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Switch Statements in Java

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It has come to my attention, both here on DIC and in the real world, that many programmers do not actually know that there is a difference between a switch statement and a string of if-else clauses. This seems worthy of correction. It is simply not the case.

Before I begin, I should point out that this is really a somewhat academic question. In Java, if you are tempted to use either a string of if statements or a switch statement, you have probably made a mistake and should be doing object-oriented programming instead. However, it is an interesting question in that it takes us down into some implementation decisions, and offers you, the beginner, a chance to see the javap disassembler in action and to examine some jvm bytecode, which is well worth the trouble. So, with that disclaimer disclaimed, let's begin.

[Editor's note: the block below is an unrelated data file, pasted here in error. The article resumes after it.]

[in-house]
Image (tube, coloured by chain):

Here is a simple java class that has equivalent code executed three ways - as a packed switch, a sparse switch, and an if-chain.

public class SwitchExample {
	public int packedSwitch (int a)
 	{
		
		switch (a) {
			case 0:	return 7;
			case 1: 	return 3;
			case 2:	return 4;
			case 3: 	return 0;
			default:	return 123;
		}
 
	}
	public int sparseSwitch (int a)
 	{
		
		switch (a) {
			case 70:		return 7;
			case 13: 	return 3;
			case 26:		return 4;
			case 63: 	return 0;
			default:	return 123;
		}
 
	}
	public int ifs (int a)
 	{